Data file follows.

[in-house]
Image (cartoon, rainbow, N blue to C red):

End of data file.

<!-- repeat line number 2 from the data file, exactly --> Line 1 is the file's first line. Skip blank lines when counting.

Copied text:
Image (cartoon, rainbow, N blue to C red):